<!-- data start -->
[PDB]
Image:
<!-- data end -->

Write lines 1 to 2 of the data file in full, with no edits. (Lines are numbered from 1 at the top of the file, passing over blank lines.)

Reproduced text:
[PDB]
Image: